The Functionalist Perspective
According to the functionalist perspective, race and ethnicity are two of the various parts of a cohesive society.
Discuss the advantages and disadvantages of a functionalist approach to race
- Classical functionalist theory did not develop specific analyses of race and ethnicity; it viewed them as constituent elements of society that contributed to its relatively smooth functioning.
- Functionalism emphasizes social unity and equilibrium and has been criticized for being unable to account for social conflict and systematic inequalities such as race, gender, and class.
- Since structural functionalism generally stresses the unifying role of culture, it is ill-equipped to understand divisive forces like discrimination.
- structural functionalism: A sociological approach that looks at society through a macro-level orientation, which is a broad focus on the social structures that shape society as a whole.
Functionalism addresses society as a whole in terms of the function of its constituent elements; namely norms, customs, traditions, and institutions. In the 1960s, functionalism was criticized for being unable to account for social change, or for structural contradictions and conflict (and thus was often called “consensus theory”), and for ignoring systematic inequalities including race, gender, and class, which cause tension and conflict. As noted sociologist Michael Omi observes, “The structural-functionalist framework generally stressed the unifying role of culture, and particularly American values, in regulating and resolving conflicts. This approach was notably in evidence in respect to the sociology of race” (Coulhan 2007, Sociology in America, p.559). From this perspective, societies are seen as coherent, bounded, and fundamentally relational constructs that function like organisms, with their various parts (such as race) working together in an unconscious, quasi-automatic fashion toward achieving an overall social equilibrium.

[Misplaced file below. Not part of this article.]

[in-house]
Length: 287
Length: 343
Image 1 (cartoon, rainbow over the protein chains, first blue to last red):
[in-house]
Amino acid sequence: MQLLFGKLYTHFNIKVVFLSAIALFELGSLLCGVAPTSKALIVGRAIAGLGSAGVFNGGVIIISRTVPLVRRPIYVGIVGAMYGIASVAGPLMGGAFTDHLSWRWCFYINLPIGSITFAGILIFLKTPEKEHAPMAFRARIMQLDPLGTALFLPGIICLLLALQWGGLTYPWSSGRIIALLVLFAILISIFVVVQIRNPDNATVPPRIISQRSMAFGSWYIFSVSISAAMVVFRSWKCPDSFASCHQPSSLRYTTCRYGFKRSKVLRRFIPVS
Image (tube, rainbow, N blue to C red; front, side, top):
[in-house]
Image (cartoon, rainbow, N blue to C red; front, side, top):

Given this emphasis on equilibrium and harmony, the functionalist perspective easily allows for specific macro-analyses of more contentious power imbalances, such as race-related issues. It also allows for the micro-analyses that much of modern sociology is oriented around, such as identity formation and the socially constructed nature of race. It is less well-adapted to understanding individual discrimination because it ignores the inequalities that cause tension and conflict.
During the turbulent 1960s, functionalism was often called “consensus theory,” criticized for being unable to account for social change or structural contradictions and conflict, including inequalities related to race, gender, class, and other social factors that are a source of oppression and conflict.
The Conflict Perspective
For Karl Marx, class conflict was most prominent; other theorists saw racial and ethnic conflict as more significant.
Explain race and ethnicity from the perspective of different conflict theorists